The new SOLAS Verified Gross Mass container weighing regulation will go into effect today – and in the United States, it appears the rollout could occur without the disruption and delay that many had feared, according to The Maritime Executive. The majority of the nation's largest container ports and terminal operators have agreed to provide truck scale weights for VGM use, allowing business at the busiest facilities to continue uninterrupted.
However, some shippers have said the procedures vary from port to port, meaning there could be delays.
John Cushing, a spokesman for Pierpass – an association for terminals at the ports of Los Angeles and Long Beach, the largest ports by TEU in the United States – said that no member terminal had any plans to turn away unweighted containers arriving by truck. Trailer chassis-borne containers "will be weighed as they historically have been," he said, and the weights will be transmitted to the carriers for use at each carrier’s discretion. Containers arriving by rail will be handled on a terminal by terminal basis.
The Port of Oakland, Port of New York and New Jersey, the Northwest Seaport Alliance, South Carolina Ports Authority, the Georgia Ports Authority, the North Carolina State Ports Authority, the Port of Houston Authority, the Port of Virginia, Port Everglades and Baltimore's Seagirt terminal have all indicated they will provide similar weighing arrangements. The participating facilities include nine of the top 10 U.S. container ports by TEU.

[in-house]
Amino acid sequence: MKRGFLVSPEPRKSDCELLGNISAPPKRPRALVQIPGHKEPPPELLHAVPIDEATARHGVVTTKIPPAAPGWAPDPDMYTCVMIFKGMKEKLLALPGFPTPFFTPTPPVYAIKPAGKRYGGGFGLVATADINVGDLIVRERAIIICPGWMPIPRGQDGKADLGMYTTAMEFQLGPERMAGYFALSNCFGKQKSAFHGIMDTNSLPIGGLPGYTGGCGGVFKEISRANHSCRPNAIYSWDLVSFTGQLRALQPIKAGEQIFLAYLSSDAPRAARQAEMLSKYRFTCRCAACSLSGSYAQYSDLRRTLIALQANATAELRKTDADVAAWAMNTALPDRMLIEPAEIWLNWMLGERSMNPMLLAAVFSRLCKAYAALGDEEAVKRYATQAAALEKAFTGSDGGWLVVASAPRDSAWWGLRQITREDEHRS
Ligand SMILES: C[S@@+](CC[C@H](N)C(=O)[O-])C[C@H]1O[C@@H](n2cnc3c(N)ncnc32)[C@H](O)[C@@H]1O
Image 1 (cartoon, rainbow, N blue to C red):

Class 1 railroads in the U.S. and Canada do not as a rule provide weight information to the ocean terminal upon arrival at on dock facilities, according to The American Journal of Transportation. To date there’s no formal plan to exchange this information and here to fore, it’s never been an issue. Simply put ports and terminals in the U.S. will be adopting differing strategies for addressing the issue of “on dock” rail exports.
Port News confirmed “Container weights provided by the railroads are not accepted for VGM purposes. Maher terminals for example will require a separate VGM for containers received from E-Rail. At PNCT, APMT, GCT New York, GCT Bayonne and Red Hook, containers arriving by rail will be weighed for a $75.00 charge and that weight will be reported to the ocean carrier as verified to be used, as Port News indicates “at the carrier’s discretion”, truly not a hard and fast ruling on containers arriving by rail.
Outside of the U.S., “some sort of disruption is likely,” said an industry source close to stakeholder talks, citing training and operations changes, conflicting information and wide variation in national governments' implementation; many terminals operated by international firms like DP World or APM Terminals will offer weighing, but compliance may be difficult in remote or less-developed regions of the world. The IMO has called for a soft roll-out, emphasizing stakeholder engagement and practical implementation as opposed to strict enforcement as industry gets used to the new arrangements.
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